A Good Day at Sea

The Mohawk remotely operated vehicle is poised to collect a sample of octocoral. Selective sampling using suction or a claw is less damaging to the seafloor than dragging a trawl net, and can take a minimal amount of an organism so that it can continue to grow

The Mohawk remotely operated vehicle is poised to collect a sample of octocoral. Selective sampling using suction or a claw is less damaging to the seafloor than dragging a trawl net and can take a minimal amount of an organism so that it can continue to grow. Photo credit: Coral Ecosystem Connectivity 2015 Expedition. Download high-resolution version (896 kb).

September 01, 2015

Brian Cousin
Florida Atlantic University—Harbor Branch

A sample bucket from the remotely operated vehicle contains a crinoid. The name of the class Crinoidea comes from the Greek for ‘lily form’, hence the term ‘sea lilies’, as stalked crinoids are known. A common term for unstalked crinoids, like this one, is feather star

A sample bucket from the remotely operated vehicle contains a crinoid. The name of the class Crinoidea comes from the Greek for ‘lily form’, hence the term ‘sea lilies’, as stalked crinoids are known. A common term for unstalked crinoids, like this one, is feather star. Click image for credit and larger view.

The first day of September brought us some of the best weather we have had out here. Maybe it was the best, or maybe it just seemed so because ‘September’ sounds like the beginning of fall and the cooler temperatures that come with the season. Though we have entered peak hurricane season in Florida, the fine day erased thoughts of the remnants of Erika, Danny, and whoever follows in the hurricane list of names.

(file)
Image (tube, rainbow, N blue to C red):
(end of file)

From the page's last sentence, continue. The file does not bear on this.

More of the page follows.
Sample Collections: The Key to Positive Identification

Kimberly Puglise carries a sample from the Bio Box at the front of the remotely operated vehicle to the shipboard wet lab while Jason White removes suction sample buckets from the back of the ROV

Kimberly Puglise carries a sample from the Bio Box at the front of the remotely operated vehicle to the shipboard wet lab while Jason White removes suction sample buckets from the back of the ROV. Click image for credit and larger view.

The Mohawk remotely operated vehicle (ROV) made two dives on Pulley Ridge and returned each time with good samples for our taxonomic identifications. We are unable to identify many of the organisms out here at sea, so they will go under the microscope or be subject to genetic evaluation in shore-based labs when we return.

Collections for the day included sponges, gorgonians, coral, and algae. They are all sessile organisms, meaning they are fixed to the bottom and don’t move around. This certainly helps make them easier targets for collection than even the smallest reef fish. Fish species are identified through visual sightings when the ROV is in the water and then post-cruise review of the recorded video.

To make up for their relative vulnerability due to being unable to move away or hide from potential predators, some of the sessile invertebrates, like sponges, produce chemicals for their defense. These chemicals make them of interest for biomedical investigation as potential medicines.

Tomorrow will be our last day for ROV operations before the research vessel heads back to its homeport at the University of Miami, so we are hoping for another fine September day at sea and some productive ROV explorations beneath the waves. 

 

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